If something improves, how can you build on that momentum or keep it going? Maybe something is failing or below a standard that is set. What is causing that? Measuring the work that your team produces allows you to build a speedometer to help gauge how to effectively manage their effort.


How you communicate matters. As a manager, your words have weight and gravitas.

Master the art of active listening. Before you respond to what is being said, be fully present and aware of other factors, such as body language, tone of voice, and emphasized details.

Always have a pen and piece of paper on you to take notes. Write down what people say. Repeat it back to them, so they can see that you clearly understand what was said. Then respond with your answer.

If you are stuck trying to deal with a situation or troublesome employee, one phrase that has worked well is, “Help me understand.” This is a magic phrase that unlocks better communication as it doesn’t pull up the self-defense walls:

  • “Help me understand why that order didn’t ship.”
  • “Help me understand why there were so many misprints.”


Let’s face it, you can’t be in two places at the same time. Or three. Or four. The only way to achieve more in the same amount of time is to delegate tasks to other people. This is an art, and there are a few things you need to know.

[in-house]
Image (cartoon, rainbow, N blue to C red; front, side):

First, is the person capable of doing the work? If they don’t know how or don’t have time, then the assignment won’t be delivered on time.

Next, do they have the right tools, equipment, or any other thing they need to be able to accomplish the task? If they have everything, then delegating that task to them should be acceptable.

When you delegate something to someone, make sure they clearly understand what success looks like. What are they supposed to do? How long should it take? Is there a deadline? Are other people involved, and what is expected of them? Review the details and have the person articulate that they understand all facets of the task. Then, let them go to work.

You might check in with them. But if you have trained them well, and they understand what to do, then the task should go as planned. If there are any problems, be sure that they know to either resolve the situation themselves or come to you for guidance.


Think about accountability as the art of eliminating excuses. People that are accountable for their actions do what they say. “Inspiration” is for amateurs. Professionals show up and do the work.

As a leader, where do you fall on this topic? The more accountable you are for your actions and the actions of your team, the more trust you will develop. Consistency is the hallmark of a good leader. Ask yourself, “What would a professional do?”

What’s Next?